AUDIENCE: I wonder, is it an illusion that women who are not working as prostitutes or whatever, do any of them like to be looked at in a lustful way? I notice a lot of times, like more often than not, I guess, if I have, like, lustful thoughts or look at a woman's body, and man, she's great, I can't talk to her. Or she -- I go up and talking to her, and then that thought will come into my head, and all of a sudden there's, like, a separation there, and it doesn't work out, I can't...

MS. LEIGH: That's why you have to give women money, and we'll help you through these things.

AUDIENCE: But why?

MS. LEIGH: A lot of men feel intimidated about sex, and men are confused about sex, and there's no information about sex. It's kept from all of us.

AUDIENCE: But do those people who do work, do you really like it when a guy looks at your body and looks at you...?

AUDIENCE: I'm a dyke, so no, I don't like it. I'm working for money. Give me your money, and I'll be nice to you.

AUDIENCE: So no woman likes to be looked at?

MS. LEIGH: No, no, no. People have different attitudes. Everybody's different. I mean, personally...

AUDIENCE: Is that true, because that's what I want to know, and some women, like, let the guys do that and take money for it. Is that how it works?

AUDIENCE: No, that's not true at all.

MS. LEIGH: Everybody's different.

AUDIENCE: If you have a relationship with the woman, it depends how she feels about herself. I don't think you can say yes or no. I mean, if it's not a sex situation and all of a sudden you're, like, checking her out, she's going to be like that, whoa, why are you addressing this kind of dynamic if you're just -- Like, if you're on a date, and you're in this passionate embrace, of course you can look at her, go oh, you're a babe, that's the situation...

AUDIENCE: -- and the person. I don't think it's a working girl/nonworking girl split at all.

AUDIENCE: And how you come across.

AUDIENCE: Be subtle, for God's sake.

MS. LEIGH: We need to give you lessons.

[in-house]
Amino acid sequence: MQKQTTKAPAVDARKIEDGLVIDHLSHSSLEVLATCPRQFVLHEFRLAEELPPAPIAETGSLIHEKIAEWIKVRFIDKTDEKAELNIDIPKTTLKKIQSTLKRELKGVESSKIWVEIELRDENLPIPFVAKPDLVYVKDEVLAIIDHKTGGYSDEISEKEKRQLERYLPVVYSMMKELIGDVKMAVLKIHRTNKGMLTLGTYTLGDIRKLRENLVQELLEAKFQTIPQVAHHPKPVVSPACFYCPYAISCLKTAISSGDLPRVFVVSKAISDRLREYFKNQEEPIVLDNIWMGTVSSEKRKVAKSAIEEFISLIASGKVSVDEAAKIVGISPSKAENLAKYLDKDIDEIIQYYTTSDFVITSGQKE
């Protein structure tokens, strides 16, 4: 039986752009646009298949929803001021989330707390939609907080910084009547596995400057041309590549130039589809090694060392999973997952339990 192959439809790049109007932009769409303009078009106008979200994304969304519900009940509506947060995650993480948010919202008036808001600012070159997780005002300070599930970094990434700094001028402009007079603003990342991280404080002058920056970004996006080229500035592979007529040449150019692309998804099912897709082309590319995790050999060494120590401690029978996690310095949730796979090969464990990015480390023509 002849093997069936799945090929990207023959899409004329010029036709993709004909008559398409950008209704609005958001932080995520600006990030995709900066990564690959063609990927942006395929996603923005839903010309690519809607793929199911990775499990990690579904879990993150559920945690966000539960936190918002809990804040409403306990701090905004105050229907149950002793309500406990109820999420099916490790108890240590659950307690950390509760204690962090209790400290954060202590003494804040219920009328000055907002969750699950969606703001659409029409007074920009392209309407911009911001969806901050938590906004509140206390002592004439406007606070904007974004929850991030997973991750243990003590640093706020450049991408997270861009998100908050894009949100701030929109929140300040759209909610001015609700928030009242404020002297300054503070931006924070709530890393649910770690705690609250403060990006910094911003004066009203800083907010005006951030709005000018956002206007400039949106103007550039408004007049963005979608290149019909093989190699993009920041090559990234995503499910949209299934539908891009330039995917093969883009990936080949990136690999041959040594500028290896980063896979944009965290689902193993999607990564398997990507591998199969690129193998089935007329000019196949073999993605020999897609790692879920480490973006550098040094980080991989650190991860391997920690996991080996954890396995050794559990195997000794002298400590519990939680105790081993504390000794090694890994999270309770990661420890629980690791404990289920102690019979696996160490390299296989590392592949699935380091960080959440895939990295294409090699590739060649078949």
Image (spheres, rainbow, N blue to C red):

AUDIENCE: That's one of the reasons they have to pay, because they're socially retarded.

MS. LEIGH: It seems also it's easier for women to be sexual, to be teachers about sex, I mean, I think it would be nice if women were taking that lead and being able to teach.

You were raising your hand.

AUDIENCE: Yeah. I had a little chunk on that. I think at least for me, it comes down to whether that person's approaching you with respect or not. If you're leering and slobbering and acting like a total jerk, I'm sorry, you'd better have money in hand.

AUDIENCE: That's not what I'm talking about, really. It's like you're talking with a girl, and you're coming across with respect and all that, and she would like me too at first, or whatever. We'd talk and then I'd like, think, man, that girl's really hot, and then just start imagining like sexual whatever, and see her the next time; it's like, whoa, there's a total separation there, and I'm wondering why.

AUDIENCE: Do you understand there's a power thing going on there?

AUDIENCE: It sounds like it's probably more about you than it is about women in general, and that perhaps you're injecting a different attitude in your behavior than in the behavior of women in general, cause you had a sexual thought about that person, so you're interpreting your behavior towards them as a change in your behavior.

MS. LEIGH: Don't you have a sex information hotline in this city?

AUDIENCE: We should, we should.